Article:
• How is the lighting? Washrooms? Kitchen & cupboard supplies?
• Is there a sound system? If you plan to have music, make sure your participants know this ahead of time – believe it or not, this can be the most contentious issue at retreat.
• Is there enough parking? Always encourage carpooling.
• How early can you get in and how late can you stay?
• Be very clear with your participants as to start and finish time. I do not assign seats (too complicated), nor do I let people in early to save spots for their friends…it’s first come, first serve and when I open the door at 9:00 a.m., it is a stampede!
• Morning baking (scones, granola bars, muffins) are available upon arrival. Lunch is served at 12:30, dinner at 6:00, wrap up and departure at 10:00 p.m.). We usually have show and tell around 4:00 and do door prizes at that time as well.
• My retreats are all ‘UFO’ style, meaning everyone works on their own projects independently. Sometimes one of us will do a brief demo of a new technique, or show a new notion/quilting tool we have discovered.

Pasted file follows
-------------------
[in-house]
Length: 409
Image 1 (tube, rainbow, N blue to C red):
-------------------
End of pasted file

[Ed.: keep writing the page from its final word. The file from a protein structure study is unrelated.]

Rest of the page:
• Start with people you know or who have been referred – they will be more understanding and appreciative of your organization and effort. It can be a challenge to have a room full of disparate folks who do not know each other, or you. An extraordinarily needy participant can suck all of your energy and, quite honestly, really ruin the day.
• Be clear about what you are offering – will you be available to give advice and help? Will you assist people basting quilts? Will you carry machines back and forth to cars? Can you accommodate allergies and dietary restrictions? Do you provide extension cords & power bars?
WHAT TO BRING
• The key to happy participants, is well-prepared participants. Create a checklist of ‘Items to Bring’ for your quilters. The most devastating item that is inevitably forgotten by a home-sewist is their foot pedal!
• Everyone needs: sewing machine, rotary cutting equipment, a desk light, cushion to sit on (or their own office chair!), extension cord/power bar, all project supplies.
• At my retreats we have a swap zone for sewing room items no longer wanted – my only proviso is that whatever doesn’t get scooped up must be taken home by it’s
Once you are ready to take the plunge to overnight retreats, I think the two most important factors are comfortable beds and decent food. In my experience, participants are very happy to pay for these amenities. Also fairly important: will you have free reign of the venue so that you can quilt in your jammies into the night, or when you wake up at 5:00 a.m.? This is tough to do in a hotel setting, which is why small lodges typically run by non-profits, universities or church camps are perfect retreat venues.
If you have any questions or need more specific information on hosting a retreat (like sample dinner menu for 25), I would love to hear from you. Please feel free to contact me via my blog!